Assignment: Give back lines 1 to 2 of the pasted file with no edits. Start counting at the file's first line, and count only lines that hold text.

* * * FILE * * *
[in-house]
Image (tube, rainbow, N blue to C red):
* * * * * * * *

[in-house]
Image (tube, rainbow, N blue to C red):